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India-Pakistan: The Earthquakes Changed Kashmiri Politics
   

October 25, 2005:  Some 1,400 people died in Indian Kashmir, because of the recent quakes, and over 140,000 were made homeless. Across the border in Pakistani Kashmir, where the earthquake originated, over 50,000 died, over 70,000 were seriously injured and over three million are homeless. The American relief effort has involved thousands of troops, several dozen helicopters, plus navy ships carrying relief aid and military equipment for rescue and reconstruction work. The U.S. noted the large amount of good will generated in Moslem Indonesia because of vigorous American relief efforts last year after the Indonesian earthquake and tidal wave, and is apparently out to repeat that process in Pakistan. The scope of the disaster has caused the Pakistanis to toss aside most political considerations and accept aid from anyone (including India and Israel). The quakes have had more impact on the military and political situation in Kashmir than any diplomacy or military efforts in the last several decades.

In India, three Maoist rebels were killed when they fought with a police patrol in the southeast.

October 24, 2005:  Al Qaeda released a video tape that urged all Moslems, especially those who supported al Qaeda, to rush aid to Pakistani earthquake victims. Otherwise, the rescue effort will be seen as dominated by infidels (non-Moslems), and al Qaeda will lose influence in the area. This same pattern was noted, with much embarrassment and bad publicity, during relief efforts in Indonesia, after the earthquakes and tidal waves in Indonesia.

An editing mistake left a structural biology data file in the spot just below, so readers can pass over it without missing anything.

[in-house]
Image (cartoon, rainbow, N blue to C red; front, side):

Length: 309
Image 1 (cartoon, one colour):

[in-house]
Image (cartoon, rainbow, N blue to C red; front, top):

October 23, 2005:  Pakistan has accepted a NATO offer of earthquake aid, which will result in troops and equipment from a dozen or more NATO countries pouring into Pakistan. This effort will largely be aimed at reconstruction, and many of the troops will be engineers. 

In southeast India, Maoist rebels have offered a reward of $4,500 for each policeman killed. This was in retaliation for police announcing lower rewards for the capture of key Maoist leaders. 

October 22, 2005:  The 580 kilometer Indian security fence along the Line of Control was largely undamaged by the earthquake, although about a hundred Indian soldiers died. The Indian army quickly sent troops to assist civilians living along the Line of Control, including those on the Pakistani side. Pakistan, however, would not allow Indian helicopters to cross the border. India set up three relief centers along the border, for the homeless. Pakistan and India have also agreed to let civilians cross the Line of Control, to expedite relief efforts, even though this might allow Islamic terrorists to cross as well.

October 19, 2005:  In southeast India, Maoist rebel factions are fighting each other over control of territory, and disagreements about how to deal with the increasing hostility of  local tribes to the Maoist cause.